Another in vogue coffee is the bulletproof coffee. It is made by adding grass fed butter and MCT or coconut oil to your coffee. The butter contains antioxidants and anti-inflammatory acids. The oil is a healthy fat which may increase good cholesterol (HDL) and reduce inflammation. This type of coffee is favored if you follow a ketogenic diet. Be cautious, a cup can contain over 450 calories and lacks nutrients. Replacing a meal with bulletproof coffee will reduce your daily nutrient intake by approximately 33%, depending on the number of meals you eat a day. In addition, bulletproof coffee is high in saturated fat and may increase cholesterol levels and other risk factors associated with heart disease in some individuals.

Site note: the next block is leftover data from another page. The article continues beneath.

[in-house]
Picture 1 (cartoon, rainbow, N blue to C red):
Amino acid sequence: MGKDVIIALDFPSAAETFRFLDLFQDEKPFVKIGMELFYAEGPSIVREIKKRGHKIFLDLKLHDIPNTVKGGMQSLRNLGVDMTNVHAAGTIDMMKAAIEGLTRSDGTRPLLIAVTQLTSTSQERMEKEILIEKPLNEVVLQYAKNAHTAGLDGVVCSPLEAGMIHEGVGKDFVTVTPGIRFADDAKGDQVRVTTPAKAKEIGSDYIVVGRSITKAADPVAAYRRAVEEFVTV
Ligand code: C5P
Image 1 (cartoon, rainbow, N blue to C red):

So, if you are not sure what do or where to begin, here are some guidelines to consider.
Look for certified organic coffee. This indicates there are no synthetic fertilizers or chemicals used in the growing or production of the beans.
Avoid coffee blends as this tends to be a mix of cheap beans. Buy coffee from a single estate.
Light roasts have a higher concentration of caffeine and acidity compared to dark roasts.
Avoid plastic coffee pods. The hot water that drips through the pod releases the chemicals from the plastic into your coffee. Look for pods that made with stainless steel or have a paper or mesh filter.
Use an unbleached paper filter in your coffee machine instead of a plastic filter which has the same issue as the plastic pods.
Store your coffee in an airtight container in a dark cabinet away from heat. This will maintain its quality as well as its flavor.
Hopefully you will keep this information in mind the next time you reach for your cup. It all comes down raising awareness and making better choices. Remember each purchase you make, or do not make, sends a message to the production and manufacturing companies. What will your message be?